for n in range(2, 128):
    a = n // 2                              # split list near center
    b = n - a                               # compute length of other half list
    mc.append(mc[a] + mc[b] + min(a, b))    # need to sort these and then merge
    if (n & (n - 1)) == 0:                  # if n is a power of two
        assert mc[-1] == n*k/2              # check previous result
        k += 1                              # increment k = ceil(lg n)
print(', '.join(str(m) for m in mc))        # print sequence of comparison counts, starting at n = 0

This gives you the following sequence:

0, 0, 1, 2, 4, 5, 7, 9, 12, 13, 15, 17, 20, 22, 25, 28, 32, 33, 35,
37, 40, 42, 45, 48, 52, 54, 57, 60, 64, 67, 71, 75, 80, 81, 83, 85,
88, 90, 93, 96, 100, 102, 105, 108, 112, 115, 119, 123, 128, 130, 133,
136, 140, 143, 147, 151, 156, 159, 163, 167, 172, 176, 181, 186, 192,
193, 195, 197, 200, 202, 205, 208, 212, 214, 217, 220, 224, 227, 231,
235, 240, 242, 245, 248, 252, 255, 259, 263, 268, 271, 275, 279, 284,
288, 293, 298, 304, 306, 309, 312, 316, 319, 323, 327, 332, 335, 339,
343, 348, 352, 357, 362, 368, 371, 375, 379, 384, 388, 393, 398, 404,
408, 413, 418, 424, 429, 435, 441

which you can look up in the On-Line Encyclopedia of Integer Sequences to find that this sequence describes the total number of 1's in binary expansions of 0, ..., n. There are some formulas there as well, but either they are inexact (involve some Landau symbol term), or they rely on some other non-trivial sequence, or they are pretty complex. The one I like most expresses just what my program above did:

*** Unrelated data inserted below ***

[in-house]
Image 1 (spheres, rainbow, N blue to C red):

a(0) = 0, a(2n) = a(n)+a(n-1)+n, a(2n+1) = 2a(n)+n+1. - Ralf Stephan, Sep 13 2003

Given these alternatives I guess I'd stick with the above script to compute these numbers. You can remove the assertion and everything related to this, rely on the fact that a < b, and drop the output as well if you include this into a larger program. The result should look like this:

mc = [0, 0]
for n in range(2, 1024):
    a = n // 2
    mc.append(mc[a] + mc[n - a] + a)

Notice that e.g. for n = 3 you get only two comparisons. Clearly this can only work if you compare both extremal elements to the median one, so that you don't have to compare the extremal ones to one another any more. This illustrates why the above computation only works for best case input. Worst case input would have you computing minimal and maximal element with one another at some point, leading to three comparisons as computed by that n ⌈lg n⌉ − 2⌈lg n⌉ + 1 formula.

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For every comparison, you discharge one element from one of the two lists. So the number of comparisons is at most the sum of the lengths of the two lists. As Platinum demonstrates, it may be less if you reach the end of one array and the other still has items in it.

So the number of comparisons is between n/2 and n.

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Your answer appears to only describe a single merge operation, i.e. the merging of two sorted lists into one. You're missing the ceil(lg(n)) levels of recursion. –  MvG Sep 11 '12 at 6:56
    
@MvG: that's not how I interpreted the question. "minimum number of comparisons needed to merge two subarrays" not "minimum number of comparisons needed to mergesort". –  Keith Randall Sep 11 '12 at 14:58